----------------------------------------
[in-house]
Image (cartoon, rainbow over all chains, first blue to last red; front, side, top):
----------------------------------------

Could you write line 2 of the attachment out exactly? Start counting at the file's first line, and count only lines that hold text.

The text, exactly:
Image (cartoon, rainbow over all chains, first blue to last red; front, side, top):